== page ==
The following is one in a series of adapted excerpts from “America’s Other Army: The U.S. Foreign Service and 21st-Century Diplomacy.”
Ken Kero was working in the political section of the U.S. Embassy in Berlin in 2006, when he met a German film editor and photographer named David Mentz. Two years later, they got married and changed both their last names to Kero-Mentz.
At the time, the meaning of “married” was tricky. Germany recognized same-sex marriage “in all but name,” in Ken’s words, but the U.S. government, his employer, didn’t acknowledge such relationships at all. In the State Department’s eyes, he was single.
That was tolerable in Germany, but it became a serious problem when it was time for the couple to move to Ken’s next post in Sri Lanka. David (pictured left) didn’t get any of the benefits that straight Foreign Service spouses enjoyed, such as health insurance, assistance in case of emergency or evacuation and a diplomatic passport ― in fact, he wasn’t allowed to have a U.S. passport of any kind.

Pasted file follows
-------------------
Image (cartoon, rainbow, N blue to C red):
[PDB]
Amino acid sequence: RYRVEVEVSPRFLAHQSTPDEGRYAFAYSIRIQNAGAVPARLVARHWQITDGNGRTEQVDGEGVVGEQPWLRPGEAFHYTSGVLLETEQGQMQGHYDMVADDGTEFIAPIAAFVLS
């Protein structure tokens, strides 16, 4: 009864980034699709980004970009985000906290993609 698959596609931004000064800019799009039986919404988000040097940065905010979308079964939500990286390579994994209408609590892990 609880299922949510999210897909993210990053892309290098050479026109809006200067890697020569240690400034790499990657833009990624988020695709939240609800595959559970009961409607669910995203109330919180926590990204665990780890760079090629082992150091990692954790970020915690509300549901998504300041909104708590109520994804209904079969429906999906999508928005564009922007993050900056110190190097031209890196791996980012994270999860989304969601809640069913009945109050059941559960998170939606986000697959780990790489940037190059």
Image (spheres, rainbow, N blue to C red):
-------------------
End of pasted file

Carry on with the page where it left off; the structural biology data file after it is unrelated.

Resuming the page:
What made things worse was that in Sri Lanka homosexuality was ― and still is ― illegal. Although the law is not enforced most of the time, for legal purposes, same-sex relationships don’t exist. So for the Sri Lankan government, David had no reason to reside in the country and was only eligible for a short-term tourist visa, which had to be renewed frequently ― at a Sri Lankan embassy or consulate abroad, forcing otherwise unnecessary trips. “We were traveling in and out of the country, and the fact that the government was being so difficult made it even harder for us to like the place,” Ken said…
Photo courtesy of Ken Kero-Mentz
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